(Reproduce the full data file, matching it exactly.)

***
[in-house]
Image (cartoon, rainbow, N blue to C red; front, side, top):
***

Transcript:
[in-house]
Image (cartoon, rainbow, N blue to C red; front, side, top):